Opinion is not law.

Only the court can declare law.

No Federal gov’t will say MA63 is invalid.

No one is saying MA63 is law.

MA63 has force of law like Adat, based on customary practices, and the Federal Constitution, the ultimate political document for Malaya.

MA63 exists separately from the Federal Constitution irrespective of whether the former has been incorporated in the latter or otherwise.

There’s case law on MA63.

The Federal Court has ruled that only what has been incorporated from MA63 in the Federal Constitution is law.

By the same token, what has not been incorporated from MA63 in the Federal Constitution continues to have force of law.

It’s no point harping on compliance on MA63 after over half a century.

The Way Forward is to Invoke Article VIII of MA63 for a new form of self-determination.

Malaysia Day, 16 Sept 1963, was one form of self-determination.

Article VIII can be Invoked whether or not there has been compliance on MA63.

Malaysia has an uncodified/unwritten Constitution based on the Federal Constitution and the documents on Malaysia including MA63.

The Federal Constitution is not the Malaysian Constitution mentioned in MA63.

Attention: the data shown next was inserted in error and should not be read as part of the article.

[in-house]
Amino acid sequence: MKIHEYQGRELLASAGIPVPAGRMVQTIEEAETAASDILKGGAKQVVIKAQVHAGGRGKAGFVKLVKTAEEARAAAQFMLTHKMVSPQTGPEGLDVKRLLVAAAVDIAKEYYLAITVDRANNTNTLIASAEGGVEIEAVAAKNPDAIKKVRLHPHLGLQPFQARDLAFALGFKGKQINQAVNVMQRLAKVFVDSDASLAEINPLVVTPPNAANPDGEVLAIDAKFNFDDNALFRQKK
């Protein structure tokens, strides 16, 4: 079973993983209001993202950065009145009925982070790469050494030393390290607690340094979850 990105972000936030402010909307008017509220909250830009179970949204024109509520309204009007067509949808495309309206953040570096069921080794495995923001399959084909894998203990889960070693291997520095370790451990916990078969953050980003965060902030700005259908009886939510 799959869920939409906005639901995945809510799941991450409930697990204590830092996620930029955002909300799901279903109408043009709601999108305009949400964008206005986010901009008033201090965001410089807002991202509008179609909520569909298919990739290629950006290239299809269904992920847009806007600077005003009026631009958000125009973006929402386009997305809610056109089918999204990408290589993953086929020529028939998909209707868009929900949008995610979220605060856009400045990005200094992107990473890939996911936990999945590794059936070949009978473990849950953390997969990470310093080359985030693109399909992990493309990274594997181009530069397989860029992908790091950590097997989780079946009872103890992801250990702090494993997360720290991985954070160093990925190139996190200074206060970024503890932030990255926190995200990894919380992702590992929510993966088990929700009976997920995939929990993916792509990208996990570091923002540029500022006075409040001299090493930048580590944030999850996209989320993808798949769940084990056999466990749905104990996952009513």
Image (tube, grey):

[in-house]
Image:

Read further here . . .

Orang Asal interests best served when Borneo MPs form united, neutral, independent bloc in Parliament.

The novel Corona virus pandemic has dried up the gravy train based on plundering the public treasury under various guises.

DAP should have reminded Borneo the onus on them to Invoke Article VIII of MA63 for a new form of self-determination.

Author: fernzthegreat

Joe Fernandez holds a honours degree in management, majoring in economics, and has opted from academia in law to being a jurist. He was trained professionally on the job as a journalist. He's a longtime Borneo watcher, keen on the history and legal aspects of Malaya's presence in Sabah and Sarawak. He teaches the English language privately and has emerged as a subject matter expert in public examination techniques.

3 thoughts on “Beggars can’t be choosers, Sabah Sarawak should Invoke Article VIII of MA63 for a new form of self-determination”


    Doris Jones, King of Frogs Jeffrey Kitingan should fall down on his hands and knees and confess his sins and beg the people for forgiveness.